The Midrash relates that when Abraham Abinu performed circumcision on himself and his household, he made a pile of severed foreskins. They were left out in the sun and quickly rotted, emitting a foul stench. The Midrash relates that the odor rose to the heavens and was greeted by the Almighty as though it was the fragrance of the Ketoret (incense) offered in the Bet Ha’mikdash, and an Ola sacrifice. This incident establishes a comparison of sorts between Berit Mila and the Ketoret and Ola offerings, and the Rabbis teach that specifically the Sandak is considered as having offered Ketoret.

Some have questioned the assertion that a Sandak is rewarded with wealth based on empirical evidence, as we see many people who serve as Sandak but are not wealthy. The Rebbe of Ger answered that this quality of the Misva applies only if the Sandak continues holding the baby throughout the entire ceremony, even during the recitation of the Berachot (which is, in fact, our community’s custom), and he drinks the wine. Rav Chaim Kreisworth (Antwerp, 1920-2002) testified that once he adopted the custom to hold the baby throughout the recitation of the Berachot, he received great material blessings.

Some have the custom that the Sandak recites the Berachot after the Berit.

There is also a custom that specifically the baby’s father places the child on the Sandak’s lap, because he is considered as offering a sacrifice upon the altar, which is represented by the Sandak. This is, indeed, the custom in our community.

Some communities observe a custom not to grant the honor of Sandak to the same individual for more than one son in the family. The basis for this custom is the fact that no Kohen would ever offer the Ketoret twice; because of the great value and significance of the Ketoret, no Kohen would offer Ketoret more than once, so that as many Kohanim as possible would have this privilege. Sepharadim, however, do not follow this custom, and may have the same person serve as Sandak for more than one child in a family.

The custom in our community is that the paternal grandfather is given the honor of Sandak for a couple’s first son, and the maternal grandfather receives this honor for the second. This is not required Halachically, but this is the generally accepted custom.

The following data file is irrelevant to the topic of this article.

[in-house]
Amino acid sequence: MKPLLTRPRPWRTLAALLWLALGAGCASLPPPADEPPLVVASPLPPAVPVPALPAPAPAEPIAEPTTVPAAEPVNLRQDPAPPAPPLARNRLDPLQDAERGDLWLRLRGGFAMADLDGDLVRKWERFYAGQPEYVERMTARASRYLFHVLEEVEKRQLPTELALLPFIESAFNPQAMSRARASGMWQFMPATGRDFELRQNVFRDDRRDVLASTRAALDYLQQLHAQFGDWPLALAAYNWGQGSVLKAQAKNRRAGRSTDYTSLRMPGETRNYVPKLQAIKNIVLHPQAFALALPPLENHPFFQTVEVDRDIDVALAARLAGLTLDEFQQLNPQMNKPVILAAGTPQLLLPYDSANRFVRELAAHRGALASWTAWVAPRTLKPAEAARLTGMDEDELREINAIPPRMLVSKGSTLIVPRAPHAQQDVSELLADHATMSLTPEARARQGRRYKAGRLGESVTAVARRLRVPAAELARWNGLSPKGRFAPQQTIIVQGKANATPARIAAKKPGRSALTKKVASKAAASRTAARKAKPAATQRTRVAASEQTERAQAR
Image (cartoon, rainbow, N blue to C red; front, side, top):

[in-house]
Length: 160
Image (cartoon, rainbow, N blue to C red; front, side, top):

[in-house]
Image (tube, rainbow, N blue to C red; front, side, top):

Some have the custom to invite a married man without children to serve as Sandak, as a “Segula” to help him and his wife have children.

Strictly speaking, even minors below the age of thirteen are allowed to serve as Sandak, but the accepted custom is not to give this honor to children under the age of thirteen. An unmarried man over the age of thirteen may be given the honor of Sandak.

Some communities have the custom to not allow the child’s father to serve as Sandak, as he will then have to recite the Beracha over the Mila while sitting, and it is questionable whether this Beracha may be recited while seated. Others, however, maintain that to the contrary, it is preferable for the father to himself serve as Sandak. In practice, our community allows the father to serve as Sandak. In fact, a father can theoretically serve as the Mohel and Sandak, and there are recorded incidents of Torah sages who performed Berit Mila while serving as Sandak.

It is proper for the Sandak to take a haircut and wear fine clothing, and immerse in a Mikveh, in honor of the Berit. It is customary for the Sandak to wear a Tallit during the Berit. If the Tallit belongs to him or his congregation, he recites the Beracha “Le’hit’atef Be’sisit” over the Tallit. Some have the custom that the Sandak does not work that entire day, as it is considered a Yom Tob for him.